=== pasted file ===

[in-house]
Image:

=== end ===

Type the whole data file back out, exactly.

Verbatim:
[in-house]
Image: